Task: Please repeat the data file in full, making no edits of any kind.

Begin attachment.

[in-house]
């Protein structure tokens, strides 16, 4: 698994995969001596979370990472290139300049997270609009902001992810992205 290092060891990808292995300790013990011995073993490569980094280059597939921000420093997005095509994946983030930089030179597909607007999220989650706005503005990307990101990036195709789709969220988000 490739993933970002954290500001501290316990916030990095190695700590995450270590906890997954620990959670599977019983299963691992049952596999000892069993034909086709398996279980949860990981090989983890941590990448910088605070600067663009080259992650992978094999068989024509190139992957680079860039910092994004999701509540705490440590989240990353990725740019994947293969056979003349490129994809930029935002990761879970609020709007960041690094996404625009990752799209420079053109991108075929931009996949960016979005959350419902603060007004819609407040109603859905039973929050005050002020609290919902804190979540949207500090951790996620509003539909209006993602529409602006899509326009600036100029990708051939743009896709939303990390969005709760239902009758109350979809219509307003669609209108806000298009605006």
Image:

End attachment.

[in-house]
């Protein structure tokens, strides 16, 4: 698994995969001596979370990472290139300049997270609009902001992810992205 290092060891990808292995300790013990011995073993490569980094280059597939921000420093997005095509994946983030930089030179597909607007999220989650706005503005990307990101990036195709789709969220988000 490739993933970002954290500001501290316990916030990095190695700590995450270590906890997954620990959670599977019983299963691992049952596999000892069993034909086709398996279980949860990981090989983890941590990448910088605070600067663009080259992650992978094999068989024509190139992957680079860039910092994004999701509540705490440590989240990353990725740019994947293969056979003349490129994809930029935002990761879970609020709007960041690094996404625009990752799209420079053109991108075929931009996949960016979005959350419902603060007004819609407040109603859905039973929050005050002020609290919902804190979540949207500090951790996620509003539909209006993602529409602006899509326009600036100029990708051939743009896709939303990390969005709760239902009758109350979809219509307003669609209108806000298009605006």
Image: